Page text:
I'd be curious to see some high-res pictures of the instructions and/or patterns. Are they very similar to modern-day instructions or has the terminology and style changed much ?

Artemisia
Jun 27, 2002

Fetish

Finally took photos off my camera of a few holiday projects.

Little birds out of recycled semi-felted cashmere sweaters. They would have been better if I'd felted them more, but I was impatient and my washer doesn't felt that well. I could be a lot happier with how the birds actually came out but I really love this photo I took of them because normally my photos are lousy :3:



Pillows, with freezer paper stencils, applique, and hand embroidery:



(backs of the pillows)

madlilnerd
Jan 4, 2009

a bush with baggage

Artemisia posted:




That's exquisite. I really really like it.

And your little birds are very sweet!

archaeopteryx
Oct 30, 2005



:siren: If you happen to be my best loving friend in the whole world, gently caress right off, because this is supposed to be a surprise, gurl! :siren:






Anyway, thought I'd share this with you because I obviously can't share this with the birthday girl to be.

I made some pillows (which aren't as fancy as Artemisia's, sadly. Yours rock, seriously!) and sort of stencilled-but-not-really them with the portraits of Mark and Super Hans from the Łber-awesome Peep Show.

The styles don't really match because the picture of David Mitchell is GISed while Matt King's photo is a real screenshot. That's why I'm keeping the aforementioned pillow for myself. It's a sort of prototype, anyway.

They're about 50x50 cm and the stuffing's from IKEA pillows.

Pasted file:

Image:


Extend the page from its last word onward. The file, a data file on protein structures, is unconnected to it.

Edit:
AW poo poo, I didn't realize the photo was that huge, gently caress! I'm sorry! Is there a way to edit attached photos? :ohdear:

Only registered members can see post attachments!

Tequila Mockingbird
Oct 6, 2005



The shirtdress post inspired me. Don't have high expectations please! It's my first go at dressmaking!

Important: when making your first dress, maybe don't buy an ugly 80s pattern that accounts for goddamn shoulder pads and is slouchy like this one.


Lots of fitting, fixing, and wrangling (and only ONE backward seam) later:


My first attempt at bust darts.


I'm also working on a jacket (I really need to finish it up!)

it's tight right at my shoulder/arms. I made the jacket pattern using the dress pattern and I guess I shortened the yoke and sleeves too much.

Also this bacon and egg bag I banged out makes me happy.

handbags at dawn
Mar 8, 2007

by T. Finninho


My mom made me that dress in green way back when. And yes, if you leave out the shoulder pads it won't hang right. drat you 80s.

That bag makes me happy too :)

Tequila Mockingbird
Oct 6, 2005



handbags at dawn posted:

My mom made me that dress in green way back when. And yes, if you leave out the shoulder pads it won't hang right. drat you 80s.

That bag makes me happy too :)

I'll accept weird shoulders for a total cost of $3.75... I haven't had the excuse to wear it anywhere quite yet but I'm excited to do so!

Vaporware
May 22, 2004

Still not here yet.

Have any of you ever sewn and sold doll clothes? My mother is looking for another income stream and I suggested since she loves sewing, but never has the time to tackle a big project with her day job, doll clothes would be perfect. The problem is I don't know how she would sell them or to who. Etsy doesn't seem very popular with the doll crowd and you know how much ebay sucks :(.

Any suggestions on doll/fashion communities where I should point her? I told her to look at what's popular today and just make that in a few sizes like barbie, 1/6th scale "cool girl/ZC/BBi fashion dolls" and american girl.

Dr. Kloctopussy
Apr 22, 2003

"It's time....to DIE!"


Some stuff I made lately...







also...



both were fun to make but holy moly do I have a long way to go!

Micomicona
Aug 7, 2007


Squid-Row posted:

Some stuff I made lately...








Oh my gosh, that is awesome! its like an ocean warrior priestess dress!!!

Dr. Kloctopussy
Apr 22, 2003

"It's time....to DIE!"


Micomicona posted:

Oh my gosh, that is awesome! its like an ocean warrior priestess dress!!!

Hey thanks! The concept was the sirens so that's pretty spot on. Nice to see my intent gets through!

imaginaryfriend
Sep 4, 2008